By Michael Sicinski There’s really no point in discussing the Toronto International Film Festival’s City to City program as such. While the festival’s promotional materials More →
By Tom Charity
British cinema is notoriously careless with its visionaries, as students of Derek Jarman, Terence Davies, and Peter Greenaway will recognize. Some eight or nine years their senior, Bill Douglas belongs in this company of nonconformists, and certainly merits wider attention both within the UK and abroad. The belated release of his three autobiographical films—collectively known as The Bill Douglas Trilogy—and his sole stand-alone feature, Comrades (1986), on DVD and Blu-ray this summer (both from the British Film Institute) should help rectify that neglect. Not that it will be of any help to Douglas; he died in 1991at the age of 54.
Like Jarman et al., Bill Douglas began by making 8mm shorts. He graduated from the National Film School in 1970, and his first three films were made with the support of the British Film Institute: the 48-minute My Childhood (1972); My Ain Folk (55 minutes, 1973); and My Way Home (72 minutes; 1978). These intensely personal films excavate a childhood of working-class poverty and neglect in stark monochromatic imagery; an austerity so meticulously composed and weighted that we’re infinitely closer to Bresson than the kitchen sink.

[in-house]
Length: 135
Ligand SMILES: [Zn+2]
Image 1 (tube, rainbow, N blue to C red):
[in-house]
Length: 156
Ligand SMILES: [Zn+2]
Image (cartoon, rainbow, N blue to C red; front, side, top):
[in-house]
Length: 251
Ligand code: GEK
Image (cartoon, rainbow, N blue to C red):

At least the Trilogy received a measure of international acclaim (including a Silver Lion at the Venice film festival for My Childhood) and in Britain, anyway, it’s stayed in circulation on video and has been available to repertory programmers courtesy of the BFI. (In the US, Facets released a DVD in 2008.) The same cannot be said for Comrades, one of the great lost films of the ‘80s, and as curious an artifact as any of a briefly resurgent episode in British cinema. This was the time, in the wake of the success of Chariots of Fire (1981) and Gandhi (1982), and with the emergence of an ambitiously progressive new source of funding in Channel Four, that Wardour Street produced projects as eclectic and vainglorious as Hugh Hudson’s dour American War of Independence epic Revolution (1985) and Julien Temple’s gaudy musical Absolute Beginners (1986).